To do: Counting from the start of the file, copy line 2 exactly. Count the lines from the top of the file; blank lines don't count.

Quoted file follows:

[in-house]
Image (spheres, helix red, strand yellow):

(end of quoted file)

Image (spheres, helix red, strand yellow):